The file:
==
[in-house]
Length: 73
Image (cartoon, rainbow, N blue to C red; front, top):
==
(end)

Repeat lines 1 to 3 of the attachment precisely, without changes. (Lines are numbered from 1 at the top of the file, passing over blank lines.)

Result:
[in-house]
Length: 73
Image (cartoon, rainbow, N blue to C red; front, top):